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Animal Shelter Capacity An Increasing Issue For UC Locations

/ The Upper Cumberland's News Leader
Animal Shelter Capacity An Increasing Issue For UC Locations

Animal Shelters are full across the Upper Cumberland as at least three county shelters are at or nearing capacity.

Warren County Animal Control and Adoption Center Director Sherri Bradley said the shelter only has 15 kennels with well over 50 dogs at the center.

“We have been taking in roughly 100 or more animals a month,” Bradley said. “People are just dumping them and having owner surrenders where owners cannot find housing with their animals.”

Bradley said the situation has gotten to the point that the center has created an outdoor area for pets. Bradley said kennels have been set up under pop-up tents with bedding and fans to house animals.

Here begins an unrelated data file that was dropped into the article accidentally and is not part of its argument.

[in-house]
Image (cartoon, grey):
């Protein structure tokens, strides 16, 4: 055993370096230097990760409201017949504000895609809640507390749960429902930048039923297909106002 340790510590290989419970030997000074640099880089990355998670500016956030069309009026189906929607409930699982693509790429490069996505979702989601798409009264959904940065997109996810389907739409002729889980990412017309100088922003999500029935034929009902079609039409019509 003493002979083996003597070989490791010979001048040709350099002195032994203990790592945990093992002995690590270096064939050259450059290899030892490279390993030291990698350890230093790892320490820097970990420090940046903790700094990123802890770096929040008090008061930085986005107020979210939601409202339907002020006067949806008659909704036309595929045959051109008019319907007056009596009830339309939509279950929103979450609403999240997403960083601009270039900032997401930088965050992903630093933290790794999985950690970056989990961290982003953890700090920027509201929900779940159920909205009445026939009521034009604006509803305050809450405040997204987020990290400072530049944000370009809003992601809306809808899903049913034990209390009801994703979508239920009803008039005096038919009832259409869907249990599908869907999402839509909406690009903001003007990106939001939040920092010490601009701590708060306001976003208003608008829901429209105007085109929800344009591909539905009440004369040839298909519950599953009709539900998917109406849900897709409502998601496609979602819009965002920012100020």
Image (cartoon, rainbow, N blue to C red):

“This year seems to be worse,” Bradley said. “I don’t know if COVID had anything to do with it, but we’ve pretty much doubled what we have been taking in. We have hooked up with some fosters and rescues up north, so as they get room, they are taking animals from us.”

The Cookeville-Putnam County Animal Shelter nears capacity. Director Jennifer Hutchinson-Tracey said several issues seem to be related to the problem, but the main culprit seems to be owners giving up their pets.

“I think people got too comfortable with… the animal shelter will be there,” Hutchinson-Tracey said. “The animal shelter will be the last resort if you can not relocate. We’re here primarily for stray animals, but about half of the dogs we take in are being given up by their owners.”

Hutchinson-Tracey said adoption rates seem to be decreasing at the same time.

“The problem that we are seeing that is new since I have been here is more of a decrease in adult dog adoptions and not as much animals going to rescue,” Hutchinson-Tracey said. “We’re not being able to maintain the balance of what is going out and what is coming in.”

Another issue for Putnam County is that some neighboring communities do not have animal shelters. Hutchinson-Tracey said the shelter sees several out-of-county animals coming in due to that. Hutchinson-Tracey said the situation has been frustrating.


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